He later went to join Lendingkart as Chief Business Officer (CBO), where he realised two things. One, the banking sector was extremely underpenetrated, and second, financial products (loans, insurance, policies) were mostly restricted to top tier cities. 

The founder combined his two crucial learnings and incorporated WeRize. He was joined by Himanshu, who worked as Vice President and Head of Data Science and Analytics at Lendingkart.  

Fintech startup WeRize

How WeRize works

The platform has built a network of freelancers, who sell and distribute financial products, including insurances and large-ticket family loans. 

The startup offers loans through its registered NBFC with an average ticket size of Rs 1 lakh with no upper limit. The majority of the loans are towards use cases like weddings and education, and are customised after careful evaluation of the family’s needs and payback capability. 

The second product is insurance, which is sold via partnerships with organisations. The startup creates customised insurances in partnership with an undisclosed large provider besides other 4-5 companies. The interest rates also vary and depend on the risk model created by the proprietary tech. They may even go slightly above the range offered by the traditional banks and NBFCs.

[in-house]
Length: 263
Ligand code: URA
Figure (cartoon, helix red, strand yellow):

“We customise our financial products as per the needs of people and families residing in smaller towns. We have insurance for vector-borne diseases like dengue, which is more prevalent in those areas. We saw a major pickup in health insurance during the post pandemic period,” says the founder. The startup will soon offer savings-based products. 

The entire process, including the documentation and verification, has been digitised and is done via the app. The startup has developed a separate app for the agents to manage the operations. In terms of revenue model, the freelancers earn a commission for each conversion.